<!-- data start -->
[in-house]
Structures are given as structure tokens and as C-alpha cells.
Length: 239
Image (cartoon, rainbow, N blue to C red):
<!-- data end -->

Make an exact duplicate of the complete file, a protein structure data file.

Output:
[in-house]
Structures are given as structure tokens and as C-alpha cells.
Length: 239
Image (cartoon, rainbow, N blue to C red):